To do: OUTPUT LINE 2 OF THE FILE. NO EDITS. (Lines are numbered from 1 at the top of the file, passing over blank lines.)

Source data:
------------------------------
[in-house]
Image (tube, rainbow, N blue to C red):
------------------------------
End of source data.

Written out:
Image (tube, rainbow, N blue to C red):